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The Truth About Using Baking Soda For Your Acne Treatment

The Truth About Using Baking Soda For Your Acne Treatment

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hen your hair follicles become blocked with oil and dead skin cells, acne, a common skin ailment, develops. Your face, chest, and back are the common locations it affects because they have many oil glands. Excess sebum production by the oil glands in your skin is the first step in the development of acne. When combined with dead skin cells, this extra oil clogs hair follicles and can then trap the bacteria that ordinarily reside on your skin. The result is that the clogged follicle may swell and inflame, resulting in those bothersome red lumps we refer to as pimples.

The degree of acne can vary, from minor breakouts to more serious types like cystic acne. Genetics, certain drugs, and hormonal changes can all contribute to the development of acne. Despite being common, acne may nevertheless be upsetting and harm self-esteem. This damage to self-esteem is the reason why several people have turned to DIY acne treatments like baking soda.

The truth about using baking soda for acne

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The truth about using baking soda for acne treatment is a bit mixed, listed below are facts to consider:

  • Antibacterial: Baking soda has modest antibacterial qualities that may help slow the development of microorganisms that cause acne on the skin. Its tiny particles can serve as a mild exfoliator to help clear clogged pores and remove dead skin cells.
  • PH balance: Baking soda is naturally alkaline, which can assist in balancing the acidic pH levels on the skin’s surface. Some people prone to acne may benefit from this since some bacteria prefer an acidic environment to grow.
  • Affordability and availability: Baking soda is an affordable and widely accessible remedy, making it a desirable choice for people looking for all-natural acne remedies.

Possible negative outcomes

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  • Skin irritation: Baking soda’s high pH can cause the skin’s normal pH balance to become off, which can irritate the skin and cause it to become dry, red, and irritated. This is especially true if it is used undiluted or if it is applied too frequently.
  • Allergic responses: Some people are allergic to baking soda and may experience allergic responses or aggravation of their acne as a result of using it.

  • Not always effective: While using baking soda for acne may help some people, it may not work as well for everyone. You should consult your dermatologist, especially if you have sensitive skin.
  • Skin sensitivity: Those who have sensitive skin should exercise caution when using baking soda because it might be excessively harsh and result in negative side effects.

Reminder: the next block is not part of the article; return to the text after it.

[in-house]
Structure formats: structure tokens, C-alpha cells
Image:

• Lack of thorough scientific data: Although some small-scale studies and anecdotal data hint at the possible benefits of baking soda for acne, there is a dearth of thorough scientific studies to completely establish its efficacy as a first-line acne treatment.

Important precautions

  • Dilution: Before using baking soda on the skin, it must be well diluted with water. In general, a paste-like consistency is advised to prevent skin irritation.
  • Patch test: Before use, a patch test on a small area of skin is necessary to help identify any negative responses.
  • Limited use: Because baking soda is alkaline; it should only be used sparingly (and not regularly) to cure acne.

Natural DIY suggestions for acne treatment in place of baking soda

Photo: Polina Kovaleva/Pexels
  • Honey and cinnamon mask: Create a paste by combining equal parts raw honey and cinnamon. Apply the mask to the troubled regions, then let it sit for 10-15 minutes. Cinnamon can aid in reducing inflammation while honey has natural antimicrobial characteristics.
  • Tea tree oil spot treatment: Dilute tea tree oil (1 part tea tree oil to 9 parts carrier oil) with a carrier oil such as coconut oil or jojoba oil. Utilizing a cotton swab, dab a small quantity on the problem areas. Bacteria that cause acne can be fought with the aid of tea tree oil’s antibacterial capabilities.
  • Aloe vera gel: Use pure aloe vera gel purchased at the store or extract fresh aloe vera gel from an aloe leaf. Let the gel sit on the affected regions after applying it and allow the skin to absorb it. Aloe vera has calming and anti-inflammatory characteristics that can help lessen the inflammation and redness brought on by acne.
  • Green tea toner: Brew some green tea and let it cool before using it as a toner. Then use a cotton pad to apply the cooled green tea to your face or spray it on. Antioxidants found in green tea have anti-inflammatory and anti-oily properties.
  • Apple cider vinegar (ACV) toner: For sensitive skin, dilute ACV with water (1 part ACV to 3 parts water); for normal skin, dilute ACV with water (1 part ACV to 1 part water). After cleansing your face, use a cotton pad to apply the mixture to your face as a toner. ACV contains antimicrobial qualities and can help maintain the pH balance of the skin.
  • Oatmeal face mask: Prepare plain oatmeal per package directions and allow it to cool. Apply the oatmeal to your face, then let it sit for approximately 15 minutes. Oatmeal can absorb extra oil and calm sensitive skin.

Never forget to patch-test any DIY therapy on a small area before committing to it. While some people may find these home treatments helpful, they may not work for everyone or be appropriate for those with severe cases of acne. It’s essential to see a dermatologist for medical guidance and specialized treatment options if your acne is severe or persistent.

Featured image: Jacob Wackerhausen/iStock


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